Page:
The greatest tragedy in America is not the destruction of our natural resources, although that is great. The truly great tragedy is the destruction of our human resources by our failure to utilize our abilities, which means most men and women go to their graves with their music still in them.
The tragedy is compounded when those in leadership positions do not utilize their abilities to properly inspire those in our sphere of influence to become all that they are capable of becoming.
- Oliver Wendell HolmesThus begins the title page of the manual that about two-thirds of Durango High School teachers have been trained in this summer. Under the auspices of "social-emotional learning," the catchall phrase of educators attempting to do more than impart facts and equations and philosophies, we have come to realize the social-emotional piece of young peoples' development is sadly lacking.
And what is that piece? Being prepared. Being polite. Being prompt. Being productive. Being a participant. Having a positive mental attitude. Being ethical. Being truthful. Being responsible. Being respectful.
Sad, because teaching those qualities used to be the sole venue of families and communities. I truly believe most families give it a good try, but they're up against far too much outside input and influences. The amount of inane, anti-social and just plain trashy information - and misinformation - and images our kids are subjected to daily is, quite frankly, more destructive than an entire fleet of passenger planes piloted by terrorists. More, because there isn't one corner of our country that is immune to it. It's 100 percent pervasive.
Let me give you just one local example of what that exposure is leading to, despite our traditional definition of having had a "good upbringing." I've substituted behaviors and circumstances to protect identities, but the end result is real. The actual situation recently was related to me by a local business owner I've known and trusted for years.
Amber was, by all appearances, a highly successful DHS graduate. She'd been a class officer and active and accomplished in sports and activities. She'd received a scholarship to a prestigious college for her grades and athletic accomplishments, and was considered a role model while attending DHS. Her nuclear family was intact - biological parents, older brother, younger sister - and she was a regular churchgoer. She'd gotten a job at my friend's place of business before moving on to college, and while reviewing videotapes of one day's activities, he observed her pocketing money that should have gone in the till.
When finally confronted - "finally" because the owner couldn't believe what he was seeing based on the girl's reputation in school and the community, as well as his own experience with her, and had to wait to see it happen again - she was asked if she felt any guilt about her stealing.
She held her thumb and forefinger about an eighth-inch apart. "About that much," she said. About that much.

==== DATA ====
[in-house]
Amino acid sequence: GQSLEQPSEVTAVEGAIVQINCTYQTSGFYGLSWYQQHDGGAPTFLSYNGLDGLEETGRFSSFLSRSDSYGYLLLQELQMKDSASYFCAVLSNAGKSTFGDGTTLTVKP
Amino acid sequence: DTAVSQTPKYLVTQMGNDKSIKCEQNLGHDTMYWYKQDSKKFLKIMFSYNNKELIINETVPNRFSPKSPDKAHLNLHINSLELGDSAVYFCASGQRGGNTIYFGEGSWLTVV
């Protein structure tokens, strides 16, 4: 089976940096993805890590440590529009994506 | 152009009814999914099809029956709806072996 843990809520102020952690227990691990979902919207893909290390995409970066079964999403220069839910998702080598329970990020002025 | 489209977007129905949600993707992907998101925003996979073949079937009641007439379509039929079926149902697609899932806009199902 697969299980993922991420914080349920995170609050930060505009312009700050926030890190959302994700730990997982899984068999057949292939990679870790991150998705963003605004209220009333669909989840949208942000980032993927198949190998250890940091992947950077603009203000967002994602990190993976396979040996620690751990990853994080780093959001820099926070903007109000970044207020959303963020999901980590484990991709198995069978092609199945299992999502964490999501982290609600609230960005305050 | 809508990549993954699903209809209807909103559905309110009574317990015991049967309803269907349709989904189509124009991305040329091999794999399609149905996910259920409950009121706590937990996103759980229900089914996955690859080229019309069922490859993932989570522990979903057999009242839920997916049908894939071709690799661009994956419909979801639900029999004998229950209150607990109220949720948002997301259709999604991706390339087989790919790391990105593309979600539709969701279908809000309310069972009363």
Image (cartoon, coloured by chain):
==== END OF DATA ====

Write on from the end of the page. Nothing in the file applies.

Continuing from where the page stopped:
That's not a reflection of her upbringing; it's a manifestation of the world she and her peers saw and continue to see in movies, on TV, in music and on MySpace and other Internet machinations. Not to mention what she saw and still sees in real life. A U.S. congressman yelling "You lie!" to the president during his speech to a joint session of Congress. What an excellent lesson for our young people in respect and decorum. About that much.
The term "social-emotional" is unfortunate. It connotes some type of therapeutic, touchy-feely approach to education, when, in fact, it is nothing more than what most of us were raised to be: trustworthy, kind, responsible, caring, involved, respectful; aware of the difference between right and wrong, and able to admit to being both. I believe a better term for it would be "ethical education." That way, it wouldn't be so scary to those who hear "socialist" in "social" and "indoctrination" in "education."
There has been no decision made as to whether Durango High School will adopt and formalize a social-emotional learning approach; one third of the teachers remain to be trained before that can happen.
Because of the common sense of its application, however, many teachers are using it with - so far - positive and rewarding results.
The six "P's," which I noted at the beginning of this column - prepared, polite, positive mental attitude, participate, produce, prompt - circle the ubiquitous demon on the cover of the student handbook.
Is that a subliminal attempt to institute social-emotional learning on unsuspecting students and staff? No, it's because those six things are what we want our students to be and have.
And maybe if Amber had that consistently drilled into her by every teacher and staff member for four years, she would have hung her head and cried instead of cavalierly dismissing her actions.
Greg Loheit is coordinator of The Center, a program for at-risk children at Durango High School. Reach him firstname.lastname@example.org.